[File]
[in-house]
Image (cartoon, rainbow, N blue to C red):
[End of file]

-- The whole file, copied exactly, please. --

[in-house]
Image (cartoon, rainbow, N blue to C red):